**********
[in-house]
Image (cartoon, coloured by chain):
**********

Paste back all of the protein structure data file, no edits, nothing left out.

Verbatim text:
[in-house]
Image (cartoon, coloured by chain):